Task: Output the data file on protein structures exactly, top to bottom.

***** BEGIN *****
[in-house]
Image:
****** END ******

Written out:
[in-house]
Image: